Coming to Denver in January: Don't Fear the Weather

Adam Ginsburg 12/31/05 Panorama taken from Westlands Park in Greenwood Village, Colorado. CC BY 2.5,

Many people (who aren’t anticipating a ski vacation) are scared off by Colorado winter weather. They envision Rocky Mountain snowstorms, canceled flights, and icy roads, and they quickly make other travel plans. But Denver is not in the Rocky Mountains (though it will afford lovely views of them), and planning a January trip to this city should not give you pause. Indeed, those who have traveled to AHA meetings in Boston, New York, and Chicago have no reason to expect that the Denver weather will be worse; it will likely be more pleasant!

First, the bad news: January is usually Denver’s coldest month. Temperatures range between frigid and cool, with average lows in the mid-teens and average highs in the mid-40s. But those averages tell you little about what to expect on any given January weekend. With a record low of -21F (1984) and a record high of 78F (1982), just about anything can happen. Stretches of bitterly cold weather (which locals call “stock show weather,” because it coincides with the annual National Western Stock Show) are common. But so are days with highs in the mid-50s or 60s. Even cold temperatures are likely to feel warmer because most days are sunny. The oft-repeated statistic that Colorado gets 300 days of sunshine per year is a myth, but it is true that Denver is much sunnier than midwestern and northeastern cities. In January, about 70 percent of daylight hours are likely to be sunny or partly sunny, which makes it much easier to walk outside even when temperatures are chilly.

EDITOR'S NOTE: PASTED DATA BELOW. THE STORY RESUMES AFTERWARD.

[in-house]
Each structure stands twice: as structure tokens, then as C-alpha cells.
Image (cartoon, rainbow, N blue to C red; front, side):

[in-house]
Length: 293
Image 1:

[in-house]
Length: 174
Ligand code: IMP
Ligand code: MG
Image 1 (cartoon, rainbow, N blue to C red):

Denver might be cold in January, but it is rarely snowy. January usually falls in a dry spell between the early-winter storms and heavier spring snowfalls. On average, Denver gets 6.6 inches of snow in January. In the last decade, January snow totals have topped 10 inches only twice, and they have stopped short of five inches four times. The last time Denver witnessed a historic blizzard in January was in 1883. All of this means that chances are good that you will have a dry weekend during the AHA annual meeting. It also means that your flights will probably run on time. Denver International Airport (which is on the plains, not in the mountains) was designed with the weather in mind, so it rarely closes. In fact, you would be far more likely to experience delays and cancellations during the unpredictable spring storms than during the relatively mild January snowfalls.

What can you count on when you come to Denver? First, expect the unexpected. Tucked between the mountains and the plains, Denver’s weather patterns are notoriously unpredictable in any season, and storms can blow up seemingly out of nowhere. So while you should check the weather forecasts periodically, you should also anticipate that they might change. To hedge your bets, pack a coat, a hat, scarf, gloves, and clothing that will layer easily. A pair of boots will help you navigate icy sidewalks (which may well turn out to be perfectly clear).

In addition, be aware that Denver’s altitude really is mile-high, and its climate is very dry. You are unlikely to experience true altitude sickness (which is more common in mountain elevations), but if you are coming from much lower altitudes, you may still feel dehydrated and a little short of breath. Frequent drinks of water should resolve that problem easily and help you stay comfortable.

If you’ve traveled to AHA meetings in places like Chicago or New York, then Denver’s weather should pose no problems for you. Pack for a range of temperatures and conditions, and you will be able to enjoy all that the conference and city have to offer.

By Shelby M. Balik